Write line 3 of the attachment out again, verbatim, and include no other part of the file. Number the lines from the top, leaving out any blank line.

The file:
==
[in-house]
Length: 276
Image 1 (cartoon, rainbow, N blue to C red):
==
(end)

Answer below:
Image 1 (cartoon, rainbow, N blue to C red):